The Bitcoin cryptocurrency records its transactions in a public log called the blockchain. Its security rests critically on the distributed protocol that maintains the blockchain, run by participants called miners. Conventional wisdom asserts that the protocol is incentive-compatible and secure against colluding minority groups, i.e., it incentivizes miners to follow the protocol as prescribed.

We show that the Bitcoin protocol is not incentive-compatible. We present an attack with which colluding miners obtain a revenue larger than their fair share. This attack can have signi cant consequences for Bitcoin: Rational miners will prefer to join the sel sh miners, and the colluding group will increase in size until it becomes a majority. At this point, the Bitcoin system ceases to be a decentralized currency.

Här bjuder RiotMinds på ett stycke svensk rollspelshistoria! Först tänkte vi: Det som har varit, har varit! Sen tänkte vi: Varför inte? Och därför väljer vi nu att, som i ett led av det stora 30-årsjubileumet, släppa Drakar och Demoners historia fritt.

Object-oriented programming has worked quite well – so far. [...] However, objects can deceive us. They can lure us into a false sense of understanding.


This article discusses two examples, a Pacman game and a soccer simulation where antiobjects are employed as part of a game AI called Collaborative Diffusion. In Collaborative-Diffusion based soccer the player and grass tile agents are antiobjects. Counter to the intuition of most programmers the grass tile agents, on top of which all the players are moving, are doing the vast majority of the computation, while the soccer player agents are doing almost no computation. This article illustrates that this role reversal is not only a different way to look at objects but, for instance, in the case with Collaborative Diffusion, is simple to implement, incremental in nature and more robust than traditional approaches.

Jouyou kanji (常用漢字) is the set of 1945 kanji that the Japanese Ministry of Education has decided that school children must learn. We have compiled a list of the about thousand kanji that Japanese children learn from first to sixth grade. These first 1006 kanji are also called the Kyouiku kanji.

The following practise sheets are made to have the left part folded to cover the actual kanji, so you will have to remember the kanji, and not just copy it mechanically. If you are unsure of the stroke order, please use the kanji dictionary found on the right hand side of this site. Most kanji have stroke order diagrams attached.

Non-myth #4: Programming is asocial.

Yes, but it depends what you mean by asocial. It is true that a programmer spends long hours by herself in front of a computer screen, although there are also meetings with team members and customers. There certainly are “social” professions where you are in constant contact with other people. The problem is that in most cases the human contact is superficial and asymmetrical, because you don't “chat” with your “clients.” You may not even want to develop a warm relationship with your clients, for example, if you are a police detective interrogating hardened criminals.


It is reasonable for Tiffany to choose to become a social worker because she likes helping people directly, but she must remember that she will not become a friend to her clients.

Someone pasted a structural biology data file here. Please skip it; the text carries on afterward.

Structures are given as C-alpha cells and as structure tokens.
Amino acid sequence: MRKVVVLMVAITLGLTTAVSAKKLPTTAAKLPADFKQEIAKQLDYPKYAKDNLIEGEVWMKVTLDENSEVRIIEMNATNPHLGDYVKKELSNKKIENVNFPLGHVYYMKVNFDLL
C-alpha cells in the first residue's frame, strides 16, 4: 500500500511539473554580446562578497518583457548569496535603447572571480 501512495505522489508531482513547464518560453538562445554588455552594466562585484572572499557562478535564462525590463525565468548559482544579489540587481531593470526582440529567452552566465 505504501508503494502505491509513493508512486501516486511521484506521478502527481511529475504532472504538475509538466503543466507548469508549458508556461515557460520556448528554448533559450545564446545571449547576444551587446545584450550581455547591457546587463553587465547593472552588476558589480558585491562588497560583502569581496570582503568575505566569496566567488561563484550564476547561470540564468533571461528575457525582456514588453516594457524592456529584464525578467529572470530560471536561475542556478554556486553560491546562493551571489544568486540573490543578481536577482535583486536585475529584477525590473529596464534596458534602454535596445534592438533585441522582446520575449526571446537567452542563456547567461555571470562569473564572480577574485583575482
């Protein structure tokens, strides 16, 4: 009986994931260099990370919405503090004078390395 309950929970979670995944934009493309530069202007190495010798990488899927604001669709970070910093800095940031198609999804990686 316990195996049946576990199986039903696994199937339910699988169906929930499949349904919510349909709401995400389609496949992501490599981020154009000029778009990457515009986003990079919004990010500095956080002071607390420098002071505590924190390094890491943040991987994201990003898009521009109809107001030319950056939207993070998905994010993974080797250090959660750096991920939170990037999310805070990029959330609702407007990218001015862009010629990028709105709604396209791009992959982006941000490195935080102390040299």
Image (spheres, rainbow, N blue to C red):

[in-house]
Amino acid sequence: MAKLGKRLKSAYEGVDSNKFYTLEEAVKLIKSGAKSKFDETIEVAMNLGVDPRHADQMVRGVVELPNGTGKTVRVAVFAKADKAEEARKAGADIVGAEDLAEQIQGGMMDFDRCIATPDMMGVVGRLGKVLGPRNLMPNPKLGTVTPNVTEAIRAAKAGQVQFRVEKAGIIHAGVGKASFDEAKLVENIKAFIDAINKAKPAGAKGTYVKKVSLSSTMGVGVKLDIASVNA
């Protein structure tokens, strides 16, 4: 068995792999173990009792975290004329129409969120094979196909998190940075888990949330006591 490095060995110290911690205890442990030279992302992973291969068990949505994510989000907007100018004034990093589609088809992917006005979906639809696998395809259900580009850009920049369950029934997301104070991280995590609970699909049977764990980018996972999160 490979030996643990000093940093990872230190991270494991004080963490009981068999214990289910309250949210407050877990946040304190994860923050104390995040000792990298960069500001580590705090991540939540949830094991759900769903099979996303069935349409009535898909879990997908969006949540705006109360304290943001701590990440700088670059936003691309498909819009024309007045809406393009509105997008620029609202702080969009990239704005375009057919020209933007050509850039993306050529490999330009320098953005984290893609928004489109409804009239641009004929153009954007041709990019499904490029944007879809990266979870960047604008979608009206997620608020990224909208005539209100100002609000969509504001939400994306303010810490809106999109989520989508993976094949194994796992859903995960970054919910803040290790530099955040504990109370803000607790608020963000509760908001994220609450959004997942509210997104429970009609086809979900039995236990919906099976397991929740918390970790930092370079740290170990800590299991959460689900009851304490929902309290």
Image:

More than 15 years ago Russian scientist Kirill Yeskov tried to settle certain geographical problems in Tolkien's fantasy world. One thing led to another, and he tackled a bigger project - what if we assumed that it's no less real than our world? His conclusion was that in such a case, the story of the Ring of Power is most likely a much-altered heroic retelling of a major war - but what was that war really about?


I was impressed enough by this work to spend a few dozen lunch hours translating it to English. [...] I now offer this work for your perusal.

On Lisp is a comprehensive study of advanced Lisp techniques, with bottom-up programming as the unifying theme. It gives the first complete description of macros and macro applications. The book also covers important subjects related to bottom-up programming, including functional programming, rapid prototyping, interactive development, and embedded languages. The final chapter takes a deeper look at object-oriented programming than previous Lisp books, showing the step-by-step construction of a working model of the Common Lisp Object System (CLOS).

As well as an indispensable reference, On Lisp is a source of software. Its examples form a library of functions and macros that readers will be able to use in their own Lisp programs.

I remember using this handy cheat sheet for Emacs -- or something extremely similar to this -- in 1989. Even in the computer industry, there are some things that don't change that quickly.

The onset of summer is no excuse to stop learning. In this year’s session, we will address Quantum Physics. Be here each Monday morning through July and August for a new lesson in the nine part series, covering graduate level physics concepts with grade school math, or no math at all. The first lesson: Classical Thinking: Why Does It Fail?

It is common to argue that intellectual property in the form of copyright and patent is necessary for the innovation and creation of ideas and inventions such as machines, drugs, computer software, books, music, literature and movies. In fact intellectual property is a government grant of a costly and dangerous private monopoly over ideas. We show through theory and example that intellectual monopoly is not necessary for innovation and as a practical matter is damaging to growth, prosperity and liberty.

1–10 (11)